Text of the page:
A Scanco Medical AG (Bruttisellen, Switzerland) µCT was used to scan both the grafting area and fracture callus. Samples were rotated through 360° and the X-ray settings were standardized to 70 kV and 114 µA, with an exposure time of 0.14 seconds per frame to yield a nominal resolution of 10.5 μm. A 0.5-mm-thick aluminum filter was employed to minimize beam-hardening artifacts. Scan time for each sample was approximately 50 minutes. Bone mineral density was analyzed from 200 slices within the integration site or fracture callus, using a custom-made script. Briefly, bone mineral density (BMD) was measured by normalizing mineral content from the X-ray attenuation by bone volume. Integration was scored (0 = no integration; 1 = integration) based on µCT images to indicate incidence of integration. After scanning, the tibias were subjected to three-point bending using an ElectroForce 3200 testing machine (Bose Corp., Eden Prairie, MN, USA) to measure the integration strength. Only grafts that had integrated both proximally and distally were tested mechanically. Tibiae were placed on their lateral surface on the lower supports of the bending jig with supports located under the tibia-fibula junction and the tibial crest. A preload of 1 N was applied from above at the midpoint between the two lower supports to stabilize the bone. The load applied to the bone was measured by a 450-N load cell at a displacement rate of 2 mm/min. A load-displacement curve was generated for each bone and used to determine ultimate load. Statistical differences for integration success was tested using a pairwise comparison between cartilage, isograft, and allograft using the Fisher exact test. BMD and ultimate failure data were compared using an ANOVA followed by Tukey honestly significant difference (HSD) pairwise comparison. Any p values < 0.05 were considered significant.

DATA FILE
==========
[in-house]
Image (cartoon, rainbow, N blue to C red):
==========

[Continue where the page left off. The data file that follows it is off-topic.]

Bone tissue embedding and histology